A private sector led initiative named Restore Africa that will enable atleast 350,000 farming households in Uganda to be more climate resilient has been launched.
Restore Africa will work in 36 districts to improve degraded farms in Southwestern Uganda, Karamoja and Mount Elgon regions.
This initiative worth shs86.5 billion funded by Climate Asset Management through the Global EverGreening Alliance together with a consortium of agencies led by Catholic Relief Services, with CARE International, Eco Trust, Uganda Landcare Network, World Agroforestry Centre (CIFOR-ICRAF) and World Vision will see a total of 560,000 hectares of forests restored in five years.
“A combination of climate change and environmental degradation have had a great impact on not only Uganda but the world at large. What we need to do now is to act in order to stop the climate crisis we are in now by reducing carbon emissions to the atmosphere. With this program to be implemented for the next five years, we want to see 352500 household farmers have green and sustainable livelihoods to Ugandan smallholder farmers, while contributing to Uganda’s NDP3, Vision 2040, and the fight against climate change,” said Niek de Goeij, Chief of Party for the project in Uganda.
According to Joy Tukahirwa, the national coordinator of the Uganda Landcare Network, the extend of land degradation in the country is very big and this has had so much effects.
“Data shows that 58% of the land is degraded and 16% is severely degraded. By the 1950s, Uganda’s forest cover was at 49% but is now at only 13%. This means the forest cover which protected the land has been removed making the country very very vulnerable,” Tukahirwa said.
“By 1955, the whole top of Rwenzori Mountain was covered with glaciers but these have almost all gone. There are now a few. We want to put farmers at the centre of tree planning to ensure we restore the environment in a bid to avoid the adverse effects of degradation.”
She noted that climate change and land degradation are linked, noting that these two problems have led to food insecurity and soil fertility loses which have seen many Ugandans suffer.
According to Dr.Jonathan Muriuki, the interim director for Restore Africa , Nairobi,the program will target smallholder farmers and in rural areas who are mostly affected by climate change.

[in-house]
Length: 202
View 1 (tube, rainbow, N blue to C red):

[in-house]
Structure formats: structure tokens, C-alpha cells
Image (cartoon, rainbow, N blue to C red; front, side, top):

“We want to help them restore the environment by planting traditional indigenous but also fruit trees. The farmers will be at the centre of this program. The restoration process, however, is not about just planting trees. Across the 36 districts, the Restore Africa technical support teams will work with farming communities to upgrade and improve existing agroforestry practices and integrate trees into various farming systems to improve soil and water management and contribute to improved livelihoods,”Dr.Muriuki said.
” In the high production areas of Southwest Uganda, farmers will integrate trees that support and enhance their production systems and value chains. For example improved shade management in coffee and banana farming system. Farmers will also explore options to plan fruit trees, and flowering trees to provide shade and build secure boundary fences in vanilla farms.”
He noted that in the savannah areas of Karamoja, Restore Africa, will work to use trees in reducing soil water loss and improve pasture management.
“All this work will contribute to reducing erosion, improving crop yields, promoting crop diversification and creating new employment opportunities particularly for women and youth.”
According to Steven David Mugabi, the director in charge of environment affairs in the Ministry of Water and Environment, the new program will help complement already existing government programs.
“We applaud you and your partners for this initiative which looks at the future of this country. It is adding on the already existing programs by the government of Uganda. All these efforts are important for Uganda,”Mugabi said.
The Restore Africa project in Uganda, is part of a much larger program that will restore 1.9 million hectares of land, supporting 1.5 million smallholder farming families across six countries – Uganda, Kenya, Ethiopia, Malawi, Tanzania and Zambia.